Walk With a Doc: Patients, Physicians Make Strides Together

Andrea Goto


October 15, 2021

Columbus, Ohio–based cardiologist David Sabgir, MD, was a year into private practice when he realized something needed to change.

"I realized I couldn't do this," says Sabgir. "I didn't want to have these fruitless conversations for the next 35 years, get a gold watch, and be done with it."

The fruitless conversations are those that play on repeat every day in medical practices across the country. They go something like this:

Physician: "It's important that you lose weight. You need to start eating better and exercising."

Patient: "Yeah, okay. I can do that."

Patient returns for a follow-up visit months later without having lost weight.

Physician: "It's important that you lose weight. You need to start eating better and exercising."

Patient: "Yeah, okay. I can do that."

During one such visit in the fall of 2004, Sabgir invited the patient to join him and his family at the park on the following Saturday morning for a walk. "I wanted this patient to have to say 'No' to my face," he recalls. The patient showed up, and Sabgir started to wonder if others would do the same. Then he got to work.

In April 2005, Sabgir teamed up with the metro park system in Columbus and invited news crews and his family, friends, staff, and patients to attend the first "Walk With a Doc" (WWAD) event. More than 100 walkers showed up.

Figure 1: Dr. Sabgir and fellow Walk With a Doc physicians give a presentation to patients before their weekly walk.

And patients continued to show up on the first Saturday of every month to hear Sabgir give a brief presentation on a trending health topic and then walk a 1-mile loop alongside them. Today, there are more than 550 WWAD chapters across 47 states and 38 countries.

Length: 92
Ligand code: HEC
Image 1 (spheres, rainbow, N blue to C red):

"I felt right away that this all made sense, and we kind of stumbled onto something," Sabgir recalls.

Beginning With Just One Step

Bridgette Walton, 51, stumbled across the WWAD program after retiring to Macon, Georgia, in early 2020. The former HR professional suffers from a number of medical conditions and disabilities that were exacerbated by inactivity and poor eating habits. "For years, doctors told me that I needed to start exercising, lose 30 pounds, and get my A1c levels down," Walton says. At the time, her A1c hovered dangerously near 10.

During a routine visit with her primary care physician at Naviscent Health, Walton noticed a flyer promoting WWAD hung up in the waiting room. Inspired by her physician's encouragement to set small, attainable goals, such as losing 3 pounds by her next visit, Walton decided to attend the next WWAD meet-up. There, she met Harry Strothers, MD, a family medicine doctor at Naviscent Health and co-lead of the Macon chapter of WWAD, and Mary Hoey, a nurse researcher. Hoey challenged her to come to the next event, and the one after, and just keep walking.

Over time, her ability to meet these smaller challenges led to bigger changes. Walton didn't lose 3 pounds by her next visit to her primary care physician; she lost 10.. The woman who admits to once routinely calling the MoonPie headquarters in Tennessee to order two or three cases at a time doesn't even want a MoonPie anymore. Since then, Walton has lost an additional 35 pounds and her A1c has dropped to 5.7.

And it all stems from taking those first steps. "The transformation that I've experienced just from starting a walking program is really amazing," Walton says.

Figure 2. Bridgette Walton waves as she leads the Macon chapter of Walk With a Doc during a monthly stroll.

Walking provides number of health benefits. According to one study, regular walkers (four times per week for at least 15 minutes) live longer and healthier lives compared with those who are less active. Walking helps maintain healthy body weight and reduces high blood pressure and the risk for type 2 diabetes.